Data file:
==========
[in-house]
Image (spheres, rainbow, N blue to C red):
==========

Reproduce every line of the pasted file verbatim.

[in-house]
Image (spheres, rainbow, N blue to C red):